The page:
I went to the ER. They told me I was lucky because I had not broken any bones, like that was the worst thing that they could think of that would happen when you fell. So they sent me home. They said, “You’re going to feel like a truck hit you. You took a hard fall. You lost consciousness, but you’re going to be fine in six to eight weeks.”
And I waited and waited for this magic date and felt worse and worse and worse. But I thought magically when the six week to eight week came, I would be cured, because these were people in white coats with serious letters after their name, and they told me so. And it didn’t happen.
Alicia: And so what did this do to you cognitively?
Lynn: I had a lot of short-term memory problems. I was walking funny, talking funny.
Alicia: You had said also that you had a hard time recognizing the songs you had written and reading your own music and playing the —
Lynn: People, doctors, just didn’t understand why I wasn’t doing it anymore. I used to play guitar every day. I would sing every day. I wrote songs. This is what I did. This was my joy. I could remember G, C, and D, very basic beginner chords, but that was it, and I have a degree in jazz. And it just — it didn’t make — it just made me so upset that I just didn’t want to deal with the guitar because it hurt to think all that is gone and I couldn’t even recognize my own music.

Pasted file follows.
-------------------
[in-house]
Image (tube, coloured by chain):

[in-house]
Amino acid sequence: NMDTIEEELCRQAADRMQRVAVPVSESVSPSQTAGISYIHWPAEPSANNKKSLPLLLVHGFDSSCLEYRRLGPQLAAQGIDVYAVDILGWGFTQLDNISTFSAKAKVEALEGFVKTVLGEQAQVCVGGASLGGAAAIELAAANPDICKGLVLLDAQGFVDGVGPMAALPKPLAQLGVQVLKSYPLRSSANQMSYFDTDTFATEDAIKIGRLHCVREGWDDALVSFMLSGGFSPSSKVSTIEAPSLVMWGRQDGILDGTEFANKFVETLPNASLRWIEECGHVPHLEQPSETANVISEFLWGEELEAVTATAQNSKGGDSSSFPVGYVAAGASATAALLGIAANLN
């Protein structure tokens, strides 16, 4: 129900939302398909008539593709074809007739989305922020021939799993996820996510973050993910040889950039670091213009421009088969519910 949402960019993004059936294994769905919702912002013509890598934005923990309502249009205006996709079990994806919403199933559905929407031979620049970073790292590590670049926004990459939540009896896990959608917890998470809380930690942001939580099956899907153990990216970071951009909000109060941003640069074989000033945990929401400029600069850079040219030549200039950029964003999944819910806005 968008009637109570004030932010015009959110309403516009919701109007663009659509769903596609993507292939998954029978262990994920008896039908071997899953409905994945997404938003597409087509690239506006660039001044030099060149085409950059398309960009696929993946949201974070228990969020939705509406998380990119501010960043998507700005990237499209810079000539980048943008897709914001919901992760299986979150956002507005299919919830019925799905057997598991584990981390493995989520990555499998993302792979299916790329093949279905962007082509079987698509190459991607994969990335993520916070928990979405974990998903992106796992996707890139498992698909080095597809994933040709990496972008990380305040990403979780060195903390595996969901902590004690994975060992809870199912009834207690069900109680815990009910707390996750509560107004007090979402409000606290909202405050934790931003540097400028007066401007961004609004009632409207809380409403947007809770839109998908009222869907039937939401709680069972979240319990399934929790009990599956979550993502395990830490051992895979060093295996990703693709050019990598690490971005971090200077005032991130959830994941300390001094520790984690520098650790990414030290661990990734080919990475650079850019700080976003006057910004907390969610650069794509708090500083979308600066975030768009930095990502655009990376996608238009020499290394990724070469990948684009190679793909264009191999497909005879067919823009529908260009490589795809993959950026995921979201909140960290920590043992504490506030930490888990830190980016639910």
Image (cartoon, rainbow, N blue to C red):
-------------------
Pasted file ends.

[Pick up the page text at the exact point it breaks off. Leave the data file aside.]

Alicia: Has any of that come back?
Lynn: I haven’t tried. I mean, I hear my own songs and I recognize them, but I haven’t tried to play them. I know that nothing — every time I try, nothing comes to me. I just don’t remember.
Lynn: I would have to start from scratch, and I guess I’m not willing to start back from scratch to relearn music. It just felt like — your personality changes with head injury, and I don’t think people — that’s not something that I see listed under the symptoms. They list the nausea and the light sensitivity and sound sensitivity. They don’t list that your whole personality can change, but talking to other TBI survivors, many of them have said the same thing, that they’re just not the same person they were before, and things that they used to love don’t bring them joy anymore. And so you have to learn to find new things to bring you joy now.
Alicia: So you said during the time between 2006 and 2013, you had a really hard time getting a diagnosis, getting people to believe you, and finding help. Did you find any comfort or help during that period?